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Military jury clears Navy SEAL Huertas in trial at Camp Victory

Petty Officer 1st class Julio Huertas has been cleared of “willfully” failing to safeguard a detainee in a military trial held in Camp Victory located in Baghdad (Iraq). The verdict came on Thursday.

Huertas and two of his fellow SEALs faced an assortment of charges in a case that galvanized hundreds of thousands on Main Street and quite possibly antagonized some politicians.

Social media websites like Facebook as well as sites like Maritime Tactical Security and individual bloggers kept up with a case largely ignored by corporate media with the exception of Fox News. David Lussier, founder of the Facebook page Support the Navy SEALs who captured Ahmed Hashim Abed, kept supporters informed at every turn including developments from other support sites.

The US Report followed the case from the beginning after an appeal from author and unofficial military advocate Betty Kilbride.

Rep. Dan Burton (R-Ind.) led efforts with other Republican members of Congress to have charges dropped. To our knowledge, no Democrat members of Congress offered support.

Still to come are trials for Petty Officer 2nd Class Jonathan Keefe to be held immediately on Friday now that Huertas’ trial is concluded and for Petty Officer 2nd Class Matthew McCabe. Keefe will be tried at Camp Victory. McCabe, who faced a different judge, will be tried in Norfolk, Va., on May 3.

A wire story said the Iraqi detainee claimed he was punched in the stomach, beaten by US troops while hooded and tied to a chair, and experienced blood spurting from his mouth.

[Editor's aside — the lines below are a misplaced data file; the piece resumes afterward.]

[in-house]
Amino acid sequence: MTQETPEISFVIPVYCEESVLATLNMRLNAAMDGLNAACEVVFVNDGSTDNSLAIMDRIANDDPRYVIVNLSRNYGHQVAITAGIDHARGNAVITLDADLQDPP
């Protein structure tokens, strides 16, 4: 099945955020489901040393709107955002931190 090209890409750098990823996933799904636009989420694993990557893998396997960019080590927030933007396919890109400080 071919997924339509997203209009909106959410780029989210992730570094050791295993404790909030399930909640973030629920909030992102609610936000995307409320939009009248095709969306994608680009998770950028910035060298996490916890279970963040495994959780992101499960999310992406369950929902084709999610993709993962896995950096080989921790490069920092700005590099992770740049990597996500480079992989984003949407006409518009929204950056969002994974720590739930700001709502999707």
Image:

Photos of Ahmed Hashim Abed, however, showed no injuries other than a minor cut inside his lip. No serious injuries were found by medical personnel either. Had the SEALs wanted to harm him, they could have easily done so when they captured him without incident—as a matter of fact, they could have quietly killed him had they wanted.

Why would any of them have had such opportunity but acted at a time of greatest risk, after the detainee was in custody? That very scenario defied the rigorous training and command of reason SEALs experience in order to become one of the few who graduate training.

Abed is suspected of planning and implementing an attack in Fallujah in 2004. After 4 private contractors were killed, their bodies were set afire and dragged through the streets. Two of the bodies were hung from a bridge. Anyone familiar with the Muslim faith will realize the serious level of disrespect shown by that display.

None of the original charge sheets carried details matching up to Abed’s various claims. The government had also requested a delay in Huertas’ case even though his attorney Monica Lombardi disagreed.

In addition, a commenter on the military justice blog CAAFlog pointed out the blog had the referred charge sheets before the accused were even served. Another commenter pointed out though the SEALs were accused of lying, others had certainly lied, including the investigators.

The SEALs demanded a trial rather than a less complicated reprimand, but the reprimand would likely have destroyed their careers.

McCabe also passed an independently administered lie detector test.

Huertas told the Associated Press he planned to go home to Illinois and kiss his wife.

These men, however, face sizable expenses for their private defense. Donations are still needed and can be made at Maritime Tactical Security. TUSR recommends that website because we have vetted it to the best of our ability and we also have contributed to the fund there.

A poster using the nickname JWS said something at the CAAFlog blog that resonates. I never understood how military leadership could push these charges based on the evidence. JWS summed it up by quoting Gen. George S. Patton: “There’s a great deal of talk about loyalty from the bottom to the top. Loyalty from the top down is even more necessary and is much less prevalent.”

The government could easily do the right thing and drop remaining charges against the other two SEALs. The government’s cases have basically collapsed. It is unnecessary and frivolous to cause these men to spend any more money, or the government either, to pursue prosecutions that amount to persecutions at this point.

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